DIY Montessori Shelf

Wouldn’t we all love to spend endless money on the perfect setup for every room? If I could, I would have bought this Montessori infant shelf from Sprout. I found this brand when I was searching for a toddler table (blog post coming soon). I decided to convert a bookshelf that we had in his room. We had LOTS of children’s books on the bookshelf, and my son liked to create chaos by pulling all the books down on the ground… over, and over again. I found myself constantly putting the books back on the shelf multiple times a day. This appeared to be a waste of my time and my sons’ time.

Photo by Pixabay on Pexels.com

Then I started to think about it from my son’s perspective. If I saw a shelf full of books stacked really close together, wouldn’t I have the urge to pull them off the shelf as well?? Looking at adjacent photo, what can a child actually process? This shelf is overwhelming. The books aren’t viewed as single items but as a large unit built up of building blocks- and what do toddlers like to do with building blocks? Knock them over! Break them down to their smallest part to try to understand their structure.

Wooden bookshelves are expensive. Even before I decided on a Montessori set-up, I knew I wanted a real wooden bookshelf. Buying new was way out of our price range, so my mother in law found this wooden bookshelf at a consignment shop for us.

bookshelf with only two items per shelf.
Visually manageable for a toddler

The first of every month, I rotate the items that are on the shelf. Every item on this shelf was a gift we received. I keep his books in the top shelf of the closet and his toys in a toy box. I am no longer putting handfuls of books back on the shelf multiple times a day. My son now goes to the bookshelf and actually looks at the different items. He will normally just take one item to play with (or throw on the ground, let’s be honest). Even though the top shelf appears out of his reach, he actually really good at reaching to the top and likes getting the book up top. We did secure the bookshelf to the wall with cables for the day he decides to climb up the shelf.

His bedroom is less messy, I am cleaning up less and we are all much happier!

I wasn’t born this way

When my son was born, I was overwhelmed and under prepared for the pressure of being a parent. I made a sound decision: to do nothing but my best for that moment and learn as I went along. Isn’t this what we all do? I originally planned on going back to work after a semester off from teaching. One semester became one year, which became the foreseeable future. I had planned on going back to teach other people’s children, as I put my own child into someone else’s care for education. The pressure to educate my own child is much more intense than when I am doing my job in the classroom. I was looking forward to going back to work and not feeling as if my child’s education depended solely on me. As a parent we feel that we must be infallible, there is no room for error. As we all know, we make mistakes all the time. I have decided to pursue the life of a stay at home parent and deal with the pressures that this brings.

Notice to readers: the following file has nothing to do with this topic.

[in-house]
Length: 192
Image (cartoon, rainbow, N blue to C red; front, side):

I didn’t originally set up my house for a Montessori environment. It was after a year of watching my son learn about this world he lives in did I see how powerful Montessori is not just for the classroom, but for the home as well. It just made sense (to me). My parenting style is what feels natural to me. I didn’t decide to become the poster parent for attachment theory. I don’t walk around screaming about the benefits of co-sleeping and that we should ignore medical professionals’ advice. I just did what felt natural and right for my family.

The set-up of my house feels natural for not just my son, but our entire family. Allowing him to create his own independence gives me and his father more independence as well (something I crave after a year of intense attachment parenting). Oh, and also we are incredibly cheap. So while I will spend 10 years in an institution of higher learning instead of having a stable income, I will not buy something if I can find it at a thrift store or on craigslist. While I haven’t gone back to my dumpster diving college days, living modestly is a goal (although you wouldn’t say I was a minimalist if you saw my closets that are stuffed from floor to ceiling).

So you do you reader. I am doing me. I am full of Pinterest fails, messy endeavors, and chaos searching for serenity.